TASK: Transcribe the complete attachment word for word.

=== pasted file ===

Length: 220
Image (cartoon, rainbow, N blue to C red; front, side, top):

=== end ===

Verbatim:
Length: 220
Image (cartoon, rainbow, N blue to C red; front, side, top):